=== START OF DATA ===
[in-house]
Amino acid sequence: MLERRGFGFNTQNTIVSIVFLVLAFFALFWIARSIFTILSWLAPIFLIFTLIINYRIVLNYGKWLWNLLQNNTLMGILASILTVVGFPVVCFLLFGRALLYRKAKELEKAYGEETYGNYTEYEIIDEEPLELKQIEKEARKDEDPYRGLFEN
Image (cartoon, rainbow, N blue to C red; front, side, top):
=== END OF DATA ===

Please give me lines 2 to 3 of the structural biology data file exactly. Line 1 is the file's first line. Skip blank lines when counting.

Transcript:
Amino acid sequence: MLERRGFGFNTQNTIVSIVFLVLAFFALFWIARSIFTILSWLAPIFLIFTLIINYRIVLNYGKWLWNLLQNNTLMGILASILTVVGFPVVCFLLFGRALLYRKAKELEKAYGEETYGNYTEYEIIDEEPLELKQIEKEARKDEDPYRGLFEN
Image (cartoon, rainbow, N blue to C red; front, side, top):